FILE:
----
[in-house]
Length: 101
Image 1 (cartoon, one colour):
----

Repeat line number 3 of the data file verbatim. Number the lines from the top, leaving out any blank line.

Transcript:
Image 1 (cartoon, one colour):